The cracks literally begin to appear in the first few moments of Asghar Farhadi’s latest release, The Salesman as the very foundations of Emad (Shahab Hosseini) and Rana’s (Taraneh Alidoosti) home begins to crumble. All of the residents in the building quickly rush to grab their immediate belongings and scramble downstairs fearful they will go down amongst the rubble. After so suddenly being made homeless options are short for the couple, meaning they have to accept the first offer of a place to stay. It is only once they begin to move in do they realise the previous tenant left behind quite a large amount of their possessions.
When Rana is attacked in the new flat, the shady history of the former occupant comes to light, making it impossible for Emad to approach the police without bringing shame to them both. That embarrassment remains the defining emotion throughout, as Emad decides that he alone will be responsible for tracking down the person responsible for the assault. While all of this is taking place, they both continue to appear in a local theatre production of The Death of a Salesman, starring as the lead husband and wife.
Prior knowledge of Arthur Miller’s play isn’t a necessity to understand the parallels the director is trying to tie together. The faltering masculine constructs of both Emad and Willy Loman begin to converge as Farhadi moves between key moments in the play and the search for the attacker. As always the director's pacing is careful and deliberate, in no rush to force out a conclusion. This allows us the time and space to see how internalised Emad’s struggle becomes. One of a husband fulfilling a duty he feels he owes to his wife as her appointed protector.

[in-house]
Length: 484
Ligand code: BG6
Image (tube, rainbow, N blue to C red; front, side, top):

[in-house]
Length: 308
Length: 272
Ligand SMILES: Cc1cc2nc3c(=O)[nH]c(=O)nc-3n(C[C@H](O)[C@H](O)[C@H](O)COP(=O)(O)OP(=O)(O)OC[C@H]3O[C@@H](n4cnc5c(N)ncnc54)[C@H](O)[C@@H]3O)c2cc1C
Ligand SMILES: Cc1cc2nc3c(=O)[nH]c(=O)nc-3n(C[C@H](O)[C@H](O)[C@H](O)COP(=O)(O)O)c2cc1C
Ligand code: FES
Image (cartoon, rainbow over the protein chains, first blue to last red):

Although the attack is not shown and kept intentionally ambiguous, Emad’s suspicions are made clear, as are the small warning signs given off by Rana’s behaviour. The mystery surrounding the assault helps to create a purpose for Emad to face up to testing questions, even though you can’t escape the feeling the situation feels a little contrived. In the final act there is some explanation given to how the clues left behind came to be in position, although never quite convincingly enough.
The gender roles that are foisted onto us from an early age can at times feel like weights pinning us down. Peer pressure is present not only within the dynamics of our friendship groups but felt just as tangibly in the family home. These expectations are central to the experiences of Rana and Emad, as they individually struggle with the damage caused to their relationship. An awkward moral triangle is completed when the backstory of the attacker only serves to complicate emotions.
Farhardi’s strength lies in his ability to extract a myriad of layered questions from a seemingly simple premise. The Salesman certainly demonstrates that once again, slowly positioning his characters into a messy situation that offers no clear solution. Perhaps, if the use of Miller's play had been made more relevant and the way we move toward the final showdown felt less manufactured, then we would have been talking about another Farhardi masterpiece. Unfortunately this time round, he doesn’t quite close the deal.